New Mandated COVID-19 Reporting. AB 685 requires employers, within one business day of receiving notice of potential exposure to COVID-19 in the workplace, to: (1) provide written notice to all employees, the employers of subcontracted employees, and exclusive representatives who were on the premises at the same worksite, (2) provide all employees who may have been exposed and their exclusive representative with information regarding COVID-19-related benefits, including, but not limited to, workers’ compensation, COVID-19-related leave, company sick leave, state-mandated leave, or supplemental sick leave, and (3) notify all employees, the employers of subcontracted employees, and the exclusive representative on the disinfection and safety plan the employer intends to implement.
DLSE Complaints Statute of Limitations. AB 1947 extends the deadline for filing Labor Commissioner complaints from six months to one year after a violation. The bill also authorizes courts to award reasonable attorney’s fees to plaintiffs who bring a successful whistleblower action.
CFRA Expansion. SB 1383 expands the California Family Rights Act to require businesses with as few as five employees (eliminating the geographical restrictions) to provide 12 weeks of mandatory family leave per year. The bill also expands family care and medical leave to include leave (1) to care for grandparents, grandchildren, siblings, domestic partners with a serious health condition (in addition to existing leave to care for a parent or spouse), and (2) because of a qualifying exigency related to covered active duty or call to covered active duty of an employee’s spouse, domestic partner, child, or parent in the US Armed forces. SB 1383 also expands the definition of child to include the child of a domestic partner. Finally, SB 1383 eliminates the previous carve out that existed for certain highly paid or key employees.
Corporations: Boards of Directors. Building upon SB 826 of 2018, which required minimum numbers of female directors on boards, SB 979 requires publicly held corporations headquartered in California to include at least one person from an “underrepresented community” on their boards by the end of 2021, and two to three, depending on the size of the board, by the end of 2022. The bill defines a director from an “underrepresented community” as an individual who self-identifies as Black, African American, Hispanic, Latino, Asian, Pacific Islander, Native American, Native Hawaiian, or Alaska Native, or who self-identifies as gay, lesbian, bisexual, or transgender. Violations of these provisions could subject a corporation to a fine of $100,000 for the violation and $300,000 for subsequent violations.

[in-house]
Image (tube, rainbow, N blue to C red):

As mentioned earlier, there are many additional employment laws (and even more non-employment laws) that were signed by the Governor this year. However, we believe these are likely to be most relevant to your business practices. Should you have any questions about these new laws, or any other legal needs, please reach out to me or one of our FLAS team.
DISCLAIMER: This Advisor is one of a series of business, real estate, employment, estate planning and tax bulletins prepared by the attorneys at Fauver, Large, Archbald & Spray, LLP. This Advisor is not exhaustive, nor is it legal advice. You should discuss your particular situation with us or with your own attorney. Our legal representation is only undertaken through a written engagement letter and not by the distribution or use of this Advisor.